seismic isolation in buildings in the U.S. This was followed by shake table tests at the Earthquake
Engineering Research Center (EERC), which clearly demonstrated the benefits of seismic
isolation of large power plant components as well as light secondary systems, Kelly (1983). More
recent applications of component isolation include the Mark II Detector at the Stanford Linear
Accelerator Center which is part of the Linear Collider, isolated using four lead-rubber bearings,
Buckle and Mayes (1990). The Detector consists of fragile equipment and weighs about 1500
tons. Its dimensions are 7.6m W x 10.5m L x 9.25m H. The seismic criteria consisted of US
Nuclear Regulatory Guide RG 1.60 spectra scaled to 0.6g. The bearings are 74 cm square and 33
cm high and include a lead plug with a diameter of 24 cm. The maximum allowable horizontal
displacement at 0.6g was 33 cm. Fragile art objects at the J. Paul Getty Museum in Malibu,
California have also been isolated using a sliding isolation device Yaghoubian (1991). The seismic
criterion was a magnitude 6.5 earthquake occurring one mile from the site. Such an event was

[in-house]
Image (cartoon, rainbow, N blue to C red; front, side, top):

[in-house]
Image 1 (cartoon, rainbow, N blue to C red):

estimated to produce a peak acceleration of 0.7g in the horizontal direction and a vertical
acceleration of 0.45g. The isolators consist of off-the-shelf ball transfer units which roll on steel
plates placed on the floor. The centering mechanism consists of a steel bowl and a centering post.
The bowl has a highly polished surface to reduce friction. The post consists of a telescoping mast
whose movement is restrained by a coil spring. Shake table tests were carried out to demonstrate
the efficiency of the isolation system. Several reports are also available of seismic isolation of
electric circuit breakers in Japan and Italy, Bonacina et al. (1994).
Raised floor systems are widely used around the world in computer rooms and clean room
facilities. Most electrical or mechanical equipment are rigidly secured to the floor or are
supported on wheels that are locked from movement. In some cases equipment cabinets are
supported on wheels that are free, thus allowing sliding or rocking to occur. To prevent
overturning during a seismic event, the cabinets are tied to the floor with bungee cords. In Japan,
it is now common practice to isolate raised floor systems. Several systems utilizing a combination
of springs, pneumatic isolators, multi-stage rubber bearings, sliders, and dampers, have been
developed and applied by major construction companies, Fujita (1991). To date, isolated raised